In the history of the commercial development of speech technology, it's been telephony applications that presented the opportunity to deliver significant return on investment (ROI) to companies like British Telecom and German Telecom. Hence, they've driven the technology's development.
Alongside this, speech recognition for the PC market also developed. Today, the uptake of server-based solutions such as automated query services by both telcos and enterprises is still driven by their ability to deliver a fast ROI.
In the development of speech technology for server-based applications, much focus has consistently been on developing the user interface. Solutions available today are sophisticated enough to be able recognise natural language responses such as: "I would like to go from London to Paris." Then they tacitly test the accuracy of the recognition through the structure of the dialogue that makes use of implicit confirmation strategies, asking for example, "When would you like to go from London to Paris?"
Embedded speech technology, on the other hand, has had a slightly different development path. Embedding speech in a mobile phone is not primarily driven by ROI—it's more about increasing the usability of the phone. Of course, this may ultimately play a role in enabling the phone manufacturer to sell more phones and get a return on its investment, in the same way that people using server-based query solutions can enable people to get more relevant information more quickly. It's not just about ROI.
The more limited resources of embedded systems is another-reason for the divergent development of embedded speech technology. Not only this, but traditionally the kind of interfaces required and the tasks that needed to be performed by embedded-speech applications have been simpler than those in non-embedded speech applications. For example, finding a number in a mobile phone by saying the person's name is a much simpler task and requires a much simpler interface than, say, speaking to a server for location-based services to find out if there is a good Italian restaurant in your immediate area.
Two key technical developments that are enabling the development of distributed solutions are the increasing power of embedded hardware and the greater availability of wireless data connections, such as GPRS and 3G.
In 2006, we will see an increased trend toward off-board navigation systems in both cars and mobile devices. One group of companies involved in the development of these systems consists of Tele Atlas, a specialist in geographic databases; Wayfinder, a provider of mobile navigation solutions on Smartphones; and ScanSoft. At the Cannes 3GSM show this year, the group demonstrated a speech-enabled prototype using distributed speech recognition.
Users can interact with the system through a voice-driven user interface utilising automatic speech recognition technology, text-to-speech, and the server-based X|mode® Multimodal System. The latter enables users to interact with their devices using a combination of speech and keypad entry, integrated with map data.
The distributed system leverages the processing power of the server and the sophistication of the user interface, with the noise robustness of the front-end of the embedded speech engine. The Multimodal System also lessens data traffic compared to only using voice as the interface.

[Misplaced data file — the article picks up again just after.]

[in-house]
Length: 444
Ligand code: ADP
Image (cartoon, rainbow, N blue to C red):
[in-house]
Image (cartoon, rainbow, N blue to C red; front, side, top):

The off-board navigation system with distributed speech recognition allows users, while being connected via a mobile operator, to enter a destination. They can also use natural language to request information about traffic or road works, or find any point of interest (POI). The best route corridor (maybe the actual route ±10 km on either side) can then be sent to the device. While en route, the speechenabled thin client can still allow users to access new information with respect to the route corridor, such as the nearest petrol station.
While speech recognition has to run on the server in an off-board navigation system, text-to-speech will be active during the whole navigation period. It will run more efficiently on the embedded device, as well as avoiding an expensive server connection.
The advantages of such distributed systems is that a thin client can be downloaded onto the users' device without the need for speech-specific hardware—a low startup cost also makes the application more attractive to more users. Another advantage is that much richer, real-time information is available to users, such as up-to-date traffic information, while mobile operators benefit from increased use of their bandwidth.
Where speech-enabled navigation systems started entirely on-board, SMS reading and SMS dictation were server-based. At the other end of the scale, entirely on-board, non-continuous, vocabulary-limited SMS dictation was previewed at 3GSM in Cannes earlier this year. ScanSoft also previewed a distributed solution in development, which provides a multimodel user interface that supports both the continuous dictation and error correction on the mobile device. This enables users to have an on-board experience, while the majority of the processing is done on the server.
In the short and medium term, distributed systems are going to become the new way that embedded, wireless, and server technology are best utilised to deliver effective services to end users. While some mobile applications will continue to be delivered almost exclusively using embedded technology, others will make use of an increased number of off-board services. Ultimately, distributed systems enable us to get the best of both worlds using the technology available, and they enable end users to receive the best services and experience possible.